The old ones are the best, they say. And I’m as nostalgic as the next person. But, really, when the TUC’s annual conference opened in Manchester a couple of weeks ago, the torrent of cliché-ridden and hackneyed media coverage was even worse than usual.
Immediately we were treated to the full repertoire of phrases that must, by law apparently, accompany any coverage of the unions. Their leaders are all “dinosaurs”, it is said. They seek to “hold the country to ransom”. We all have to brace ourselves for another “winter of discontent”.Well, honestly. I know we’re all supposed to be environmentalists these days, but is it necessary to recycle old material quite as blatantly as this? Most of these articles could have been written – and were written – at any time in the past 20 years or so.
So what is the truth about British trade unionism, and how is it likely to make its presence felt over the next few months? First, the context. Not that you would know it from the tone and thrust of the reporting, but Britain’s unions are far less powerful than they were a generation ago. From a peak of around 13 million members in 1979, affiliated trade unionists now number just over half that figure. Great names from the history of trade unionism – the Transport and General Workers Union, the Amalgamated Engineering and Electrical Union – are no more, swallowed up by merger after merger.
More significantly, employment law reform, introduced by the last Conservative government and left more or less intact by the outgoing Labour one, has restricted the unions’ room for manoeuvre considerably.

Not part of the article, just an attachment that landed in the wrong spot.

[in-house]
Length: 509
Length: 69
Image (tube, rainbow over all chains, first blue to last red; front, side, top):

Proper ballots have to be held before workers can be called out on strike. And if there is a problem with the ballots, as happened at British Airways recently, the employer is able to halt any proposed industrial action.
The truth is that unions are now only to be found in large numbers in the public sector. In the private sector, only around one in eight employees is a union member (the figure is around one in three in the public sector). Extended strike action is a thing of the past. It is almost impossible to persuade union members that their interests are well served by going out on strike for week after week – hence the 48-hour option favoured by the Rail, Maritime and Transport union, the outfit led by the voluble Bob Crow, who seems able to cause difficulties for the London Underground network whenever he likes.
Cause difficulties, but not, it should be noted, bring to a halt. Even on strike days, plenty of tube trains run. Not every worker is in the union, and not all union members observe the strike. This fact gives the lie to all the “winter of discontent” talk. There are distinct limits to union power.
But what will happen next? Firefighters in London have already voted for strike action. Others may follow. The government’s programme of cuts, to be outlined in the Comprehensive Spending Review on 20 October, may provoke more industrial action.
But let us try and keep all this so-called “militancy” in perspective over the next few weeks and months. Nearly all of us are going to keep going to work. Life, and business, and public sector work, will go on. Not for the first time, or the last, it will pay not to take everything you read in the newspapers too seriously.